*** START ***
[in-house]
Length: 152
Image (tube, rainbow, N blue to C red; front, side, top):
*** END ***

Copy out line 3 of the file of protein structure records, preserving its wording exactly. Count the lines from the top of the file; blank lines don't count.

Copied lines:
Image (tube, rainbow, N blue to C red; front, side, top):